Synopses & Reviews
In this book, a leading authority on Iranian political parties offers the first history of the Mojahedin, a little-known radical group that was instrumental in bringing the Ayatollah Khomeini to power but that now constitutes the main opposition to his Islamic Republic. Drawing on all available sources-including interviews with past and present members of the Mojahedin-Ervand Abrahamian traces their organization from the 1960s to the present. This] book is important and useful not only because it is the first in English on its subject, but also because . . . it is objective. . . . I]ts approach is thoughtful, fresh and independent, being to Islam more or less what liberation theology is to Christianity.-Economist Abrahamian's commentary on Ali Shariati and his relationship to the Mojahedin is a unique and impressive achievement. . . . Radical Islam is a learned, lucid and cogent piece of Iranian history. . . . The book is must reading for all experts and observers interested in the politics of the Islamic Revolution and the role of Iran's political culture.-Mansour Farhang, Middle East ReportThe result is one of the best of so many books about Iran today.-A. R. H. Kellas, Asian AffairsThis is the most objective and comprehensive study available of the important Iranian movement.-Anthony Hyman, International Affairs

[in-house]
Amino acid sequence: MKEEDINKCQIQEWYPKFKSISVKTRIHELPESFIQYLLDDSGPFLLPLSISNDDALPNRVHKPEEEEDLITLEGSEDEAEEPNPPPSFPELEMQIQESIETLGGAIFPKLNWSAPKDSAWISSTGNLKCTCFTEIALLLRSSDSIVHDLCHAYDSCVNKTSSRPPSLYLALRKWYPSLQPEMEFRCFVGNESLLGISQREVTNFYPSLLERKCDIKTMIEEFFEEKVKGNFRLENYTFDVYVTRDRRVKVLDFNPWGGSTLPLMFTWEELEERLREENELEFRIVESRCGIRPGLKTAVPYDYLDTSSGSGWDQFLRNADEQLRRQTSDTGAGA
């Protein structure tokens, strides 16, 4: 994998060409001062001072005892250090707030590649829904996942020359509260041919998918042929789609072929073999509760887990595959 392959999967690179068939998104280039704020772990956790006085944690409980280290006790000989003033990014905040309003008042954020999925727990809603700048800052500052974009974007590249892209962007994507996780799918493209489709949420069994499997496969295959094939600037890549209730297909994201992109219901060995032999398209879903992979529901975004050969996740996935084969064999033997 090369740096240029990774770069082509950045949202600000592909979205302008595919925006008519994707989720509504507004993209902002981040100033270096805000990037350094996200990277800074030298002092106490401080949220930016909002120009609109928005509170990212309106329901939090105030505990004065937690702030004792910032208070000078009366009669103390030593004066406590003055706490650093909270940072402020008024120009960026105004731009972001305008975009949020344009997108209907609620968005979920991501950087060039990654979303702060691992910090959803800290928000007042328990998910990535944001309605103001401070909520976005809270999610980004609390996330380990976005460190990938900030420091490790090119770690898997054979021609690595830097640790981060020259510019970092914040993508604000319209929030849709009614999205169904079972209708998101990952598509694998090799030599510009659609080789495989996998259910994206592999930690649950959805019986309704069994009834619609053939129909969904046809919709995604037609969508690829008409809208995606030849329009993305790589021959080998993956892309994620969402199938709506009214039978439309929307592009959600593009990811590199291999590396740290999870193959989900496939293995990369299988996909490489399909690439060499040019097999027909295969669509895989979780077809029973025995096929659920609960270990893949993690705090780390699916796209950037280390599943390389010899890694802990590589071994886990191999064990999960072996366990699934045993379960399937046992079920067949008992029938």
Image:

The Mojahedin, a radical political group in Iran, were prominent in the movement against the Shah and played an important role in bringing the Ayatollah Khomeini to power. Yet they have borne the brunt of his reign of terror and now constitute the main opposition to his Islamic Republic. In this book a leading authority on Iranian political parties offers the first history of this little-known underground group.
Drawing on all available sources including interviews with past and present members of the Mojahedin, Ervand Abrahamian traces their organization from the 1960s to today. He investigates the social backgrounds of their leaders, the main features of their ideology, and the Marxist influences on their interpretation of Islam. He is then able to explain why they failed to gain political power despite their mass following and the fact that they were the best armed, best disciplined, and one of the largest groups opposing the Shah.
In an introductory section on contemporary Iran, Abrahamian analyzes the downfall of the Shah, discusses the resurgence of Islam in that country, contrasts the varieties of Islam on the present scene, and explains why the Islamic Republic, despite all expectations, has proved to be so durable. Clearly and concisely written, the book as a whole provides a wealth of information on contemporary Iran.
"A very fine book that deals with an important subject in a very thorough and engrossing fashion." -Nikki R. Keddie, U.C.L.A.